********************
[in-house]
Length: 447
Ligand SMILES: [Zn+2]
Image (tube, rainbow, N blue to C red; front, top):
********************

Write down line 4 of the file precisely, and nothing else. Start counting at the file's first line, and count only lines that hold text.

Image (tube, rainbow, N blue to C red; front, top):